A couple of days ago I sent the editor of Writers’ Forum Magazine an article I’d written on ‘How To Deliver A Writing Workshop’ (‘Most literary festivals, writers groups and writing holidays include half or full-day workshops in their programmes and writers with good presentation skills are in demand to deliver them’ was my ‘pitch’).
Today he sent me a polite ‘no thanks’, with a little line of explanation (a gem! Lots of editors won’t have the time or energy to tell you why you got it wrong!): “sorry this isn’t right for the market – only a minority of the readers are experienced enough to hold workshops.” Aaagh, how embarrassing!
But it’s a valuable lesson learned and reminded me of something that Simon Whaley said during one of his workshops that I attended last year: the main reason that your article will be turned down is NOT because you haven’t written it very well – but because you haven’t targetted it at the right publication. And there you go, I’ve done just that.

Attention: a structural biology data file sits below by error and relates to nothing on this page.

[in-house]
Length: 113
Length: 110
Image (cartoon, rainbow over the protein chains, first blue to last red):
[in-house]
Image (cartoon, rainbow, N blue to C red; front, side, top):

I was also browsing on Freelance Writers blog and discovered that I’d committed another cardinal sin – I sent my article, with the query email, as an attachment. Apparently editors hate attachments: they don’t have time to read them and they worry that they may contain viruses! If you’d like to read more of Deborah Durbin’s excellent advice, see her blog here.
I’m certainly going to be reading her blog carefully from now on! I’ve had a few articles accepted (more, perhaps, by luck than judgement!) but I suddenly feel like I’ve got an awful lot still to learn…